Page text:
how to overcome the butterflies and make a successful presentation
In every presentation your goal is for your audience to grasp and remember the information that you are presenting. Unfortunately that goal will not be achieved if you appear nervous. A nervous speaker distracts the focus of the audience from the content of their presentation onto their shaky hands, wobbly voice or over-rapid delivery.
However it’s normal for all of us to get nervous when presenting. According to Marc Twain, considered by many to be the greatest figure of American literature, there are two kinds of public speakers: ‘the Nervous and the Liar’. In other words, everyone gets nervous speaking in public, it’s just that some are better at hiding their nerves than others.
Whilst we can’t all be the next Barack Obama, everyone is capable of delivering a presentation in a way that will captivate an audience. For most people this takes time and a great deal of practice. However if you are a first time speaker, or a nervous one, the following steps will go a long way to helping you deliver a successful presentation.
Step 1. Preparation
Take time to prepare for your presentation. Check every angle of your presentation. Practice in front of the mirror, in front of your family or record yourself on video and watch yourself back. Every bit of information should be clear and easily understood by your audience. If you know that your presentation is well prepared and well received by your personal focus group you will be much more confident when delivering it for real.
The second phase of preparation is setting up the venue. Your audience will grow impatient if they need to wait while you’re setting up your materials. Before the presentation starts, check the sound system and visual aids and make sure both are working properly.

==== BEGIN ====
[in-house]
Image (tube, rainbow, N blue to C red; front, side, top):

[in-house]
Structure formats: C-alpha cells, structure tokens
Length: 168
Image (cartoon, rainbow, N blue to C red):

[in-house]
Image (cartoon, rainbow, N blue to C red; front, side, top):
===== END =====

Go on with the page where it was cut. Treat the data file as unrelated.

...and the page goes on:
Step 2. Check the Room Environment
One of the top factors that affects learning is the room environment. People learn better when the session is safe and welcoming. Make sure you arrive early and get a feel of the room. According to experts, teachers often focus more on the T-Zone, the front row and middle seats all the way to the back. These students receive more attention and often can recall more from the presentation. So if there are lesser number of participants encourage them to sit in the T-zone.
As your audience enters the venue, greet them warmly with a handshake and introduce yourself. This will help you create a positive environment.
Step 3. Encourage your audience to interact
Interaction encourages memory and connection. If your audience asks questions or shares their thoughts it demonstrates they are thinking about the topic at a deeper level. When answering questions or responding to points from the floor never criticize an opinion and always be open minded to ideas.
These three steps are a great start to perfecting your presentations. First Take’s presentation training course goes much further with professional performance coaches analyzing your body language, delivery, posture as well as the content of your presentation. It’s an intensive training that will make big improvements in your presentation technique.